Synopsis by David Lewis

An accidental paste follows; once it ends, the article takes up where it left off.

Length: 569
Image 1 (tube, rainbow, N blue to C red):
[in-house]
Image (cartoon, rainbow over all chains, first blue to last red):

O'Voutie O'Rooney is a rarity of its time period -- an extended live performance film of a popular music artist. It features Slim Gaillard and his trio in 1947 performing live at Billy Berg's Nightclub in Los Angeles. It was made by Poverty Row director Jack Rieger, who numbered among his other credits Yiddish musicals and sporting events such as boxing matches. O'Voutie O'Rooney was marketed as a short film by indie distributor Astor Pictures, who tagged it along with feature films made for all-black cinemas. In a simple, almost television-type style, it captures the bizarre songs and performance style of Gaillard, who was then one of the most popular performers in black entertainment. It also preserves the huge bassist Bam Brown's equally interesting and zany support of Gaillard; while it is less known, Brown's work is more complimentary to the star than Gaillard's more famous collaboration with Slam Stewart. Finally, Scatman Crothers, today renowned mostly for other things, was exercising only one of his many talents on this date as Gaillard's energetic and charismatic drummer. This is the Scatman's second earliest appearance on film and predates his studio recordings, though his career as an entertainer began on radio in 1932.